Kevin Puts’ wakeup call in “Silent Night”

Throughout most of history, artists could have been considered to be activists in society, proving points and pushing for what they hope to be a better tomorrow. Sometimes their activism is more subtle, like writer Suzanne Collins of The Hunger Games trilogy. Collins felt that her book was not only to entertain young adults, but to show them the horrors of war. The sister of the protagonist is saved at the very beginning of the trilogy. However, at the end of the final book she is still a casualty in the war, showing that at the end of the war even the winning side suffers loss.

Collins was a believer that there were unjust-wars and there were just-wars. There are other authors that display their thoughts on war from a different perspective. In the novel Ender’s Game by Orson Scott Card, it is proven that war and conflict are created by misunderstanding and lack of communication. A crucial line from the book states the complications of war-waging:
“In the moment when I truly understand my enemy, understand him well enough to defeat him, then in that very moment I also love him. I think it’s impossible to really understand somebody, what they want, what they believe, and not love them the way they love themselves.”
The protagonist of this book is expressing how much it hurts him to harm someone that he has come to understand.

In like manner, the opera Silent Night by composer Kevin Puts and librettist Mark Campbell tells the story of war, understanding and humanity. Based on the French film Joyeux Noël (which was based on true events), the opera tells the story of a ceasefire on Christmas Eve between three nations during the world war in 1914. The main characters of the opera all come from different backgrounds and countries that they had left behind. The story takes place mostly on the battlefield in Belgium in the intimate bunkers of the different nations, German, Scottish, and French. Throughout the opera, we are taken inside each bunker and seeing each group, their sorrows, and their true selves. On Christmas Eve, the soldiers celebrate in song and their songs are heard by the men of the three different nations. They end up waving the white flag for the night to celebrate the holiday with eachother in peace.

As the different nations greet one another and they learn more about their lives and cultures, they realize that they could not possibly battle eachother anymore. They understood that they are all the same and that it would be inhumane to harm one another. The following day they were reprimanded by their commanding officers for refusing to fight.

In Tom Mooney’s article regarding Silent Night, Puts is quoted, “If you know that the person you are going to shoot has a daughter or a wife at home, the war machine will not work.” In a way, Puts is humanizing war. War is waged by people who refuse to understand one another and compromise. Once an understanding is made, war can be made unjust.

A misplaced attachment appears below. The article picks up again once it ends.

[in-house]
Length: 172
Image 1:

To help emphasize the concepts of this story Puts and Mark Campbell made the opera text in the native languages of the characters. There are moments where all the soldiers are singing together in their own language but their message is the same. Puts has masterfully harmonized the three languages in sweet consonance.

Puts’ opera not only won a Pulitzer Prize for the music’s emotion but because it also expresses the universal cry for humanity.

-Michelle Shaheen

Works cited:

Card, Orson S. “Chapter 13: Valentine” in Ender’s Game. First edition. New York: Tor, 1985, page 127.

Huizenga, Tom. “Hear The Opera That Just Won The Pulitzer.” NPR. April 23, 2012. Accessed March 12, 2019. https://www.npr.org/2012/04/23/151211677/hear-the-opera-that-just-won-the-pulitzer.

Levithan, David. “Suzanne Collins Talks About ‘The Hunger Games,’ the Books and the Movies.” The New York Times. October 18, 2018. Accessed March 12, 2019. https://www.nytimes.com/2018/10/18/books/suzanne-collins-talks-about-the-hunger-games-the-books-and-the-movies.html.

Mooney, Tom. “”Silent Night” at Wexford: How Opera Woke Up to the Great War.” Studies: An Irish Quarterly Review 104, no. 414 (2015): 185-93. http://0-www.jstor.org.lib.utep.edu/stable/24347762.

“Official Website: Opera ‘Silent Night’ by Composer Kevin Puts and Librettist Mark Campbell.” Opera Silent Night [Official Website]. Accessed March 12, 2019. http://silentnightopera.com/about.html.

Unison Media. “Kevin Puts on SILENT NIGHT”. Youtube video, 3:50. Posted October 9, 2018. https://www.youtube.com/watch?v=lHs7EfchO_4

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